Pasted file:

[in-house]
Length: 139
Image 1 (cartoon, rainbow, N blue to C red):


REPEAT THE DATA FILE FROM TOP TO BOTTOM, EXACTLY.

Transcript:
[in-house]
Length: 139
Image 1 (cartoon, rainbow, N blue to C red):